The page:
Jump to Main Content
Hibiscus sabdariffa (roselle) polyphenol-rich extract averts cardiac functional and structural abnormalities in type 1 diabetic rats
- Mohammed Yusof, Nur Liyana, Zainalabidin, Satirah, Mohd Fauzi, Norsyahida, Budin, Siti Balkis
- Applied physiology, nutrition and metabolism 2018 v.43 no.12 pp. 1224-1232
- Hibiscus sabdariffa, advanced oxidation protein products, animal disease models, antioxidant activity, antioxidants, cardiac output, cardiomyocytes, cardioprotective agents, cardioprotective effect, cardiovascular diseases, catalase, fibrosis, glutathione, histology, hyperglycemia, hyperlipidemia, hypertrophy, insulin-dependent diabetes mellitus, laboratory animals, males, malondialdehyde, metformin, mitochondria, rats, streptozotocin, superoxide dismutase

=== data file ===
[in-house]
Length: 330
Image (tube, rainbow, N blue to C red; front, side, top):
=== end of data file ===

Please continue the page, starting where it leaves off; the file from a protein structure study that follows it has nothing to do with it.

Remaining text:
- Diabetes mellitus is often associated with cardiac functional and structural alteration, an initial event leading to cardiovascular complications. Roselle (Hibiscus sabdariffa) has been widely proven as an antioxidant and recently has incited research interest for its potential in treating cardiovascular disease. Therefore, this study aimed to determine the cardioprotective effects of H. sabdariffa (roselle) polyphenol-rich extract (HPE) in type-1-induced diabetic rats. Twenty-four male Sprague–Dawley rats were randomized into 4 groups (n = 6/group): nondiabetic, diabetic alone (DM), diabetic supplemented with HPE (DM+HPE), and diabetic supplemented with metformin. Type-1 diabetes was induced with streptozotocin (55 mg/kg intraperitoneally). Rats were forced-fed with HPE (100 mg/kg) and metformin (150 mg/kg) daily for 8 weeks. Results showed that HPE supplementation improved hyperglycemia and dyslipidemia significantly (p < 0.05) in the DM+HPE compared with the DM group. HPE supplementation attenuated cardiac oxidative damage in the DM group, indicated by low malondialdehyde and advanced oxidation protein product. As for the antioxidant status, HPE significantly (p < 0.05) increased glutathione level, as well as catalase and superoxide dismutase 1 and 2 activities. These findings correlate with cardiac function, whereby left ventricle developed pressure in DM+HPE (79.13 ± 3.08 mm Hg) was higher significantly compared with DM (45.84 ± 1.65 mm Hg). Coronary flow of DM+HPE (17.43 ± 0.62 mL/min) was also greater compared with DM (13.02 ± 0.6 mL/min), showing that HPE supplementation improved cardiac contractility and relaxation rate significantly (p < 0.05). Histological analysis showed a marked decrease in cardiomyocyte hypertrophy and fibrosis in DM+HPE compared with the DM group. Ultrastructural changes and impairment of mitochondria induced by diabetes were minimized by HPE supplementation. Collectively, these findings suggest that HPE is a potential cardioprotective agent in a diabetic setting through its hypoglycemic, anti-hyperlipidemia, and antioxidant properties.